Jan. 2, 2013 – In this video, appellate lawyer Beth Ermatinger Hanan explains why she believes two cases in particular deserve inclusion in her December 2013 Wisconsin Lawyer™ article “Top 9 Recent Wisconsin Supreme Court Decisions.” One case deals with surrogacy agreements and the nexus between family law issues and contract principles; the other deals with the standard by which a mental health patient may refuse medication.
In Rosecky v. Schissel, the supreme court accepted certification of the question of whether an agreement for the traditional surrogacy and adoption of a child is enforceable. Finding no existing statutory scheme to neatly answer the multiple legal issues presented, the court, in an opinion authored by Justice Annette Ziegler, concluded that the agreement is a valid, enforceable contract unless it is contrary to the best interest of the child. Whether by future legislation or additional case law, many questions remain to be answered.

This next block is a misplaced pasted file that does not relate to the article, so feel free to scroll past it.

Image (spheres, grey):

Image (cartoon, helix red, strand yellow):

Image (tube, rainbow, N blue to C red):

Outagamie County V. Melanie L. presents the supreme court’s first interpretation of a 1995 statutory provision establishing an alternative standard to determine the competency of a person to refuse involuntary administration of medication. The supreme court held that the circuit court had misstated the county’s burden of proof to obtain an order for involuntary administration, and that the county had failed to meet the clear-and-convincing standard for proof that a mental health patient was “substantially incapable of applying” an understanding of the advantages, disadvantages, and alternatives of her prescribed medication to her mental illness so as to make an informed choice to receive or refuse the medication.
The court issued more than 40 substantive decisions during the 2012-13 term. Read Hanan’s complete review in Top 9 Recent Wisconsin Supreme Court Decisions, published in the December 2013, Wisconsin Lawyer.
Hanan is an appellate and trial attorney at Gass Weber Mullins LLC in Milwaukee.